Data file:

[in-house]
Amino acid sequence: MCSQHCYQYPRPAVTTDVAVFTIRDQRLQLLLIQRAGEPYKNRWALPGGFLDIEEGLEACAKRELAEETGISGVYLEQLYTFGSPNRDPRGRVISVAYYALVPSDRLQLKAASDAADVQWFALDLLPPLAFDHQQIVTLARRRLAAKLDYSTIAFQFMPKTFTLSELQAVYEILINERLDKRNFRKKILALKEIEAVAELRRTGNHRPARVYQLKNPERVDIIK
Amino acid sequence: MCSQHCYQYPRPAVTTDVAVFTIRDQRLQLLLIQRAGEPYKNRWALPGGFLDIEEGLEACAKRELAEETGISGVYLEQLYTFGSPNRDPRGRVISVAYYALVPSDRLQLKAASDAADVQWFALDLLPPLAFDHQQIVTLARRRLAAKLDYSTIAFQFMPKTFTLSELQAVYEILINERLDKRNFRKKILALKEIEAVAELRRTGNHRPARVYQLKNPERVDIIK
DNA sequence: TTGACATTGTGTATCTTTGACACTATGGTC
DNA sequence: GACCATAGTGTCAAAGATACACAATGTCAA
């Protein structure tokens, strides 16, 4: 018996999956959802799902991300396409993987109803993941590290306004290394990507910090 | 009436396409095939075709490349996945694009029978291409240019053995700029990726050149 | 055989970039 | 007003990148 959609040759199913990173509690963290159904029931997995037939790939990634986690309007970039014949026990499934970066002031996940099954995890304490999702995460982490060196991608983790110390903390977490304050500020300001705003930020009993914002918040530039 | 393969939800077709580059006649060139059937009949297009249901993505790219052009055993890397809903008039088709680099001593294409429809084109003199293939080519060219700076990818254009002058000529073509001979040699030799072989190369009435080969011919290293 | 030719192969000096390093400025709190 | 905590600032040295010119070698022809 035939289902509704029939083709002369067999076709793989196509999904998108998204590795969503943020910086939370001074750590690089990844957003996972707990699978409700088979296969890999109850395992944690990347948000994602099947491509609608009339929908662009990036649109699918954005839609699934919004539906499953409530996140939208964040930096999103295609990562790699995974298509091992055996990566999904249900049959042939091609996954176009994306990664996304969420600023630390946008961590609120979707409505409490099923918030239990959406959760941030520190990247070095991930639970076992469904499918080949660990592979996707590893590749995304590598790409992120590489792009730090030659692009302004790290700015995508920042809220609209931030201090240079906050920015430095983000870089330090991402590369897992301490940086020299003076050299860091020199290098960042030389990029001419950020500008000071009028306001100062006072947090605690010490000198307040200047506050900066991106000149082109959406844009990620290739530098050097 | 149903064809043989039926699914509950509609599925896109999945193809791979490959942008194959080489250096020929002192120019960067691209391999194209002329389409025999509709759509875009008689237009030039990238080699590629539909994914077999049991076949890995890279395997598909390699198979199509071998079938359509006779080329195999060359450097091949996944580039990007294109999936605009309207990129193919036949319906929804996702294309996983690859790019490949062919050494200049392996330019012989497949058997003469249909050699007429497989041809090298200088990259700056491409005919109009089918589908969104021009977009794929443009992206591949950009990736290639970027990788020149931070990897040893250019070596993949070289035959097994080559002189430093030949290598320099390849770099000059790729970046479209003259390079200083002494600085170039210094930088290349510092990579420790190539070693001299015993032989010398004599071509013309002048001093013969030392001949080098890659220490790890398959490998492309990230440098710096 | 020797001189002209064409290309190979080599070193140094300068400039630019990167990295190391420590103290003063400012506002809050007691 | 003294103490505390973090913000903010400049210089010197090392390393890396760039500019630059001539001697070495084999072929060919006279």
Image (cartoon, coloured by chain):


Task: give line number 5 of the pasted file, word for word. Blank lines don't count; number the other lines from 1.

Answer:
DNA sequence: GACCATAGTGTCAAAGATACACAATGTCAA